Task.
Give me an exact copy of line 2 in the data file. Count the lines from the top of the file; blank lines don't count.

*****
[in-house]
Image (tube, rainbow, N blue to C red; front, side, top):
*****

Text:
Image (tube, rainbow, N blue to C red; front, side, top):